No it is not your job to defend the community but your responses to a newbies question will seal their impression of the project and whether they hang around to contribute. There's no need to take the editors comments about the state of the article personally, often newbies have not understood the reasons for things being a certain way. Valid criticisms are his points 1 & 2, which could easily be answered courteously without recourse to sarcasm. The editor may well have significant experience in writing, probably in different media to this, and the kind of answers he received are a poor reflection on the community. If you can't see that then step back for a while and put yourself in the shoes of someone with no wikipedia experience giving an honest assessment of what they see. I felt embarrassed enough by the responses to comment and that should tell you something (and I am a sarcastic person myself). Mfield (Oi!) 19:48, 4 April 2009 (UTC)
(rawr! 2 edit conflicts) I disagree with your point that the article is badly written,especially with the points you brought up.Point 1 gives a little bit of story about the day the president got inaugurated,before going into his actions as president.Seeing how the president is hmmmmm BLACK Abraham Lincoln is pretty important for people of his race after all,Lincoln did help to give Obama the chance to become president of the USA.On point 2 you say it is longer then it should be, however there is no guidleine or rule that say ad article should only be XX lines long ,Clinton giving his support for Obama is a big deal when it came to the presidential campaign because it showed that Clinton was behind him and she asked for her supporter to also get behind him, because after all.... without Clinton's supporters Obama would have not won.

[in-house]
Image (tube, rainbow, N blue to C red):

The reason the contributors to this article are responding to you this way is because, we constantly get users ( mostly new ones ) that come out of nowhere and accuse us of putting unimportant stuff into the article or not putting stuff they think is important,or us trying to push one of many views into the article.When you say the article is biased or the article is bad you are also saying the contributors wrote a biased or bad article.Also if you won't fight to get your side heard if course it wont be heard<obviously fighting is not the way to go , but if you wont put the energy behind what you want to add to the article chances are it wont be added, don't just state a point and then leave it for others to solve.Thank you Durga Dido (talk) 20:25, 4 April 2009 (UTC)